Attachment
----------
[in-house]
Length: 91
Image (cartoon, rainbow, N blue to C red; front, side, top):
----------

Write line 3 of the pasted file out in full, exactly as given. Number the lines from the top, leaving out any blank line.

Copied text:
Image (cartoon, rainbow, N blue to C red; front, side, top):